The principals of this invention having now been fully explained in connection with the foregoing description, we hereby claim as out invention:

l. In a machine tool;

a frame;

a spindle head carried by said frame;

a rotatable spindle journalled in said spindle head and having an operating end adapted to receive cutting tools for rotating them in a machining operation',

a tool storage magazine mounted on said spindle head for movement therewith, and for movement in a path of travel relative to said spindle head;

moving means for moving said magazine relative to said spindle head between a tool change position and a parked position with the movement toward said parked position being in a direction away from the operating end of said spindle so that said magazine will be spaced further from the work zone to avoid interference with the machining operation and to protect said magazine from any debris which may be produced by the machining operation; and,

transfer means operable when said magazine is in its tool change position to extract a tool from said magazine and move it to the operating end of said spindle.

2. A machine tool according to claim l including:

a slide mounted on said spindle head for movement relative thereto, and wherein said tool storage magazine is mounted on said slide for movement therewith relative to said spindle head; and,

said moving means is connected to move said slide for obtaining the movement of said magazine between the parked position and the tool change position.

3. A machine tool according to claim 1 including:

means connecting said transfer means for movement by said moving means in unison with said tool storage magazine so that said transfer means isl 6. In a machine tool having an operating station adapted to receiveV tools for the performance of machining operations;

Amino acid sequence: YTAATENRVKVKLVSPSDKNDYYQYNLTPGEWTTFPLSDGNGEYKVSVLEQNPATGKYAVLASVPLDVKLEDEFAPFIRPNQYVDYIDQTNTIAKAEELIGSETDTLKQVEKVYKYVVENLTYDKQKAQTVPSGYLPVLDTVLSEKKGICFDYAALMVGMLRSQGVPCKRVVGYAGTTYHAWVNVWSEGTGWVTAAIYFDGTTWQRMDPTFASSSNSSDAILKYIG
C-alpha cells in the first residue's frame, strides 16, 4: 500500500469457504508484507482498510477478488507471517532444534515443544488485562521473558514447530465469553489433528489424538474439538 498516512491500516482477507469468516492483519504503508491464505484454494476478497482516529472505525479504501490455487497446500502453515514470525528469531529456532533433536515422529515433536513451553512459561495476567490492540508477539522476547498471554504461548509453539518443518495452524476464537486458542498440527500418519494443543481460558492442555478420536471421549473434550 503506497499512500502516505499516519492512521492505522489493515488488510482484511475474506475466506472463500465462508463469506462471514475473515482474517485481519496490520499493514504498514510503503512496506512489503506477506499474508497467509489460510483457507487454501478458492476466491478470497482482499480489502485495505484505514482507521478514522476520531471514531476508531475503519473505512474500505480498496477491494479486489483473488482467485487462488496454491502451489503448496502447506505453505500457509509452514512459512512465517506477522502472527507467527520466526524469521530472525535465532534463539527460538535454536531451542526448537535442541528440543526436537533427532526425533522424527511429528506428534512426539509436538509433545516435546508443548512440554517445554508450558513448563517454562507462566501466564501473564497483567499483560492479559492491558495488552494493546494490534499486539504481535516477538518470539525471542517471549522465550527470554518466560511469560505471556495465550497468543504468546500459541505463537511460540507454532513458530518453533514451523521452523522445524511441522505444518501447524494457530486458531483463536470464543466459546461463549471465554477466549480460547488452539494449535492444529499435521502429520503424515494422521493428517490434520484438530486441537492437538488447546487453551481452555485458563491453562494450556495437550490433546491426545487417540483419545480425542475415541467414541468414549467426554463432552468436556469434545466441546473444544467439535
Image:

a frame;

a spindle head carried by said frame;

a slide carried by said spindle head for movement relative to the operating station;

a tool storage magazine mounted on said slide for movement therewith so that said magazine can be moved between a tool change position and a parked position; and,

a tool change arm carried by said slide for movement with said magazine between the tool change position and the parked position and mounted on said slide for selective rotational and translational movement to enable said arm to engage and withdraw a tool from said magazine and transport the same to the operating station for insertion therein and to simultaneously engage and withdraw a tool from said operating station and transport the same to said storage magazine for insertion therein.

Patent Citations
Cited PatentFiling datePublication dateApplicantTitle
US3445923 *Jan 23, 1967May 27, 1969Balding Victor HoraceMachine tools
US3544286 *Apr 8, 1968Dec 1, 1970Maschf Augsburg Nuernberg AgTool changer for machine tools
Referenced by
Citing PatentFiling datePublication dateApplicantTitle
US3868763 *Dec 29, 1972Mar 4, 1975Toshiba Machine Co LtdAutomatic tool exchanging apparatus
US3886652 *Oct 24, 1971Jun 3, 1975Colt Ind Operating CorpTool changer mechanism
US4164810 *Dec 15, 1977Aug 21, 1979Kearney & Trecker CorporationAutomatic tool changer for machine tool
US4499650 *Jun 24, 1982Feb 19, 1985Kentner B. WilsonAutomatic tool changer
US4833772 *Sep 23, 1987May 30, 1989Brother Kogyo Kabushiki KaishaAutomatic tool changing apparatus
US5395297 *May 12, 1994Mar 7, 1995Okuma CorporationAutomatic tool change system in combined machining lathe
US20090233774 *Mar 12, 2009Sep 17, 2009Mccoy Jr Richard WSubsea tool changer
USRE32837 *Aug 3, 1987Jan 17, 1989Comau S.P.A.Coding systems for elements of machine tools, particularly of the numerically controlled type
EP0900627A2 *Sep 1, 1998Mar 10, 1999Mori Seiki Co., Ltd.Multi-function lathe
Classifications
U.S. Classification483/44, 483/62, 483/67, 483/41
International ClassificationB23Q3/157
Cooperative ClassificationB23Q3/1574
European ClassificationB23Q3/157C2B3